Suggested actions:
  1. Learn what research is being done by searching on a university website. Look especially at the Engineering Dept. 
  2. Organize a forum, preferably on campus, with speakers and discussion. Be sure to publicize in campus newspapers, and possibly include a professor as one of the speakers. Also include local activists.
  3. Plan a small meeting with the appropriate persons in the department working on drone research, both professors and students.
  4. Hold vigils and leaflet on or close to the campus, as well as in town.
  5. Let us know if you need further tools for your research.
Thanks in advance for your reply to

With all good wishes,

Marge Van Cleef, WILPF, Philadelphia
Leila Zand, For USA
Kathy Kelly, co-coordinator, Voices for Creative Nonviolence

Saturday, August 4, 2012

"Bigger and Better" Drones Coming to Kentucky Skies?

 According to the Department of Defense Report to Congress on Future Unmanned Aircraft Systems Training, Operations, and Sustainability (April 2012), Kentucky has four locations that have been designated as potential basing locations for unmanned aircraft systems (UAS) [i.e. drones] (p. 8 ff.).

The table below gives information on the types of drones that are proposed for basing at each location.

BASE Predator/Reaper type Shadow/Raven type Other
Fort Campbell MQ1C RQ-11B, RQ-7B Puma, Viking
Corbin RQ-11B Wasp, Puma
Lexington RQ-11B Wasp, Puma
Fort Knox RQ-11B, RQ-7B

Fort Campbell has a $68 million hangar construction project for FY 2012 for basing the MQ-IC Gray Eagle (DOD report, p. 15). The Gray Eagle is an an Extended-Range Multi-Purpose (ERMP) drone, an upgrade of the MQ-1 Predator.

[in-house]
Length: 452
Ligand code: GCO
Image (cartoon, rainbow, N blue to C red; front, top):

The report further discloses that the RQ-7B Shadow is operated from Fort Knox, under the status "Locations Requiring COAs [Certificate of Waiver or Authorization]". ("Locations where the Army currently conducts operations outside of Restricted Areas that require a COA from the FAA. In the majority of these locations, the purpose of the COA is to transition from the launch site to adjacent Restricted Areas. Additionally, the Raven can be operated using DoD-FAA agreed-to Class G airspace notification procedures for flights flown over Government-owned or -leased land." (DOD report, p. 20))

The background image for this blog is the picture shown at left, in which a member of the 101st Airborne Division (AD), Fort Campbell, Kentucky (KY), "prepar[es] to launch a Raven unmanned aerial vehicle (UAV) from Forward Operations Base (FOB) McHenry, Iraq, during Operation IRAQI FREEDOM. The Soldiers will fly the Raven over Route Trans-Am to scan for Improvised Explosive Devices (IED)" (from the Department of Defense's "Armed with Science" website).

When will we see soldiers launching drones in Kentucky?